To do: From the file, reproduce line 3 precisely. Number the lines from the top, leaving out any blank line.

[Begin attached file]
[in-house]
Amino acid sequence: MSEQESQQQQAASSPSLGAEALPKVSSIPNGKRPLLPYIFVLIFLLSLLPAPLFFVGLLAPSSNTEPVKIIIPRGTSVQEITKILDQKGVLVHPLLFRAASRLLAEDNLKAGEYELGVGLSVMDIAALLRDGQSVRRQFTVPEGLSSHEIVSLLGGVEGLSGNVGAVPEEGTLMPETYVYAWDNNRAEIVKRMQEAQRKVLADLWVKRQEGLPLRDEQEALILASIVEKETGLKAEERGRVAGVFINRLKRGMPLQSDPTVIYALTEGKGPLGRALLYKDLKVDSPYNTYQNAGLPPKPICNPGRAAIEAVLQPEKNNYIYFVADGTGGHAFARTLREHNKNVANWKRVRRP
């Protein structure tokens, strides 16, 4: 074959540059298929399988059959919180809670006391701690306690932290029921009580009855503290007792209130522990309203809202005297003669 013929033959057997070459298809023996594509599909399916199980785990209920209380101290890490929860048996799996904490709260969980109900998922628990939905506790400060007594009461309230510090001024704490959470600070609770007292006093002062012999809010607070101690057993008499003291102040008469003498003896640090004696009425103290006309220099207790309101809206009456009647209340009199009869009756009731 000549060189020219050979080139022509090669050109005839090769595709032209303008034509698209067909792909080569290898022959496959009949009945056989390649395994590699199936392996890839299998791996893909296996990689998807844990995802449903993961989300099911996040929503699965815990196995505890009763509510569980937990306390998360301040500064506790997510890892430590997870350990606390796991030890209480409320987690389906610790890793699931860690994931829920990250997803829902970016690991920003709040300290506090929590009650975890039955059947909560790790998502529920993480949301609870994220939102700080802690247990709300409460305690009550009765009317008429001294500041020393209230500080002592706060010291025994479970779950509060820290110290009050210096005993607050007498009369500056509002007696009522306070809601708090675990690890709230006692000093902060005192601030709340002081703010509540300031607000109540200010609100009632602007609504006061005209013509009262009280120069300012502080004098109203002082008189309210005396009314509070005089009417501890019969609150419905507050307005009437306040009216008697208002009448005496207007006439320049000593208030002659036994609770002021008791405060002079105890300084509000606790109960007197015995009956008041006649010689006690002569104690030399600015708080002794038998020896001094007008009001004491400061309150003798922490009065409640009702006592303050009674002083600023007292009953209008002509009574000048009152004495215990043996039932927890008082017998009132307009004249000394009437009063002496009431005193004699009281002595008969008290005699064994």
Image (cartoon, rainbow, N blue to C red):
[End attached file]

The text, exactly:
């Protein structure tokens, strides 16, 4: 074959540059298929399988059959919180809670006391701690306690932290029921009580009855503290007792209130522990309203809202005297003669 013929033959057997070459298809023996594509599909399916199980785990209920209380101290890490929860048996799996904490709260969980109900998922628990939905506790400060007594009461309230510090001024704490959470600070609770007292006093002062012999809010607070101690057993008499003291102040008469003498003896640090004696009425103290006309220099207790309101809206009456009647209340009199009869009756009731 000549060189020219050979080139022509090669050109005839090769595709032209303008034509698209067909792909080569290898022959496959009949009945056989390649395994590699199936392996890839299998791996893909296996990689998807844990995802449903993961989300099911996040929503699965815990196995505890009763509510569980937990306390998360301040500064506790997510890892430590997870350990606390796991030890209480409320987690389906610790890793699931860690994931829920990250997803829902970016690991920003709040300290506090929590009650975890039955059947909560790790998502529920993480949301609870994220939102700080802690247990709300409460305690009550009765009317008429001294500041020393209230500080002592706060010291025994479970779950509060820290110290009050210096005993607050007498009369500056509002007696009522306070809601708090675990690890709230006692000093902060005192601030709340002081703010509540300031607000109540200010609100009632602007609504006061005209013509009262009280120069300012502080004098109203002082008189309210005396009314509070005089009417501890019969609150419905507050307005009437306040009216008697208002009448005496207007006439320049000593208030002659036994609770002021008791405060002079105890300084509000606790109960007197015995009956008041006649010689006690002569104690030399600015708080002794038998020896001094007008009001004491400061309150003798922490009065409640009702006592303050009674002083600023007292009953209008002509009574000048009152004495215990043996039932927890008082017998009132307009004249000394009437009063002496009431005193004699009281002595008969008290005699064994």